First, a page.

Message From The Author

Isobel Carr

Genre: Georgian Period, England, Historical Romance

View Isobel Carr's Profile | Visit Isobel Carr's Website

Author's Message

Dear Reader,

I was over the moon when I saw my review in RT Book Reviews, and it included a special call out for the dog in Ripe For Pleasure. W. C. Fields famously said “Never work with animals or children.” It’s a rule I can’t seem to help breaking. Dogs (and children) are simply a part of life (which may well be why the curmudgeonly Fields so frequently railed against both). But when including dogs or children, there is always a niggling concern that others will fail to find them as charming as you do.

Romance has a wonderful tradition of dogs though. I’ve always been especially enamored of Georgette Heyer’s fictional dogs: the toadeating Ulysses in Arabella, the zany “Baluchistan Hound” Lufra in Frederica, and the horrible, wheezing Pug in Friday’s Child. For years, I’ve had a scene in my head of a large, somewhat scary dog simply showing up and attaching itself to one of my characters. I had always thought it would be a hero who got the dog, and that the dog would be a “bull and terrier” (the forerunner of today’s Staffordshire Terriers and Pit Bulls), who’d show up wounded, clearly having just escaped after a bear fight. But when the scene was written, the dog had become a Mastiff, and it was the heroine (who was decidedly not a dog person) to whom it pledged its undying devotion.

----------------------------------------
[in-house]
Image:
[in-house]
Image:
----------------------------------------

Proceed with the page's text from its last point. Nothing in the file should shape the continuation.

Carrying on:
I had a wonderful time writing Pen (named for the Amazon Queen Penthesilea, who fought in the Trojan War). And it was easy because I happen to own a mastiff myself. My mastiff, Clancy, is a 170- lb. snuggle-bunny, who loves nothing more than to lounge on the couch with me partially pinned beneath his enormous head (must be touching mom at ALL times). But I can tell you that the sleepy demeanor is a ruse. He’s alert to every sound, every potential hint of danger, and I have not the slightest doubt that he’d defend me to the death. His sisters, who happen to belong to my sister and my best friend, are not quite as subtle about being on guard. They both like to sit at windows and survey their kingdoms. They keep a very close eye on anyone who dares to walk up their sidewalk or knock upon their door.

Pen turned into a much larger character in Ripe For Pleasure than I had originally planned. I’d simply wanted her to be a hurdle for the characters, something they had to come to terms over—the first thing in their relationship that required compromise—but she was having none of that. Pen had to earn her keep, and she wasn’t content with comic relief. Pen was an action star waiting for her cue.

I hope you enjoy Pen and the rest of the cast of characters in Ripe For Pleasure every bit as much as I enjoyed writing them.


- Isobel Carr

Read Book Review ›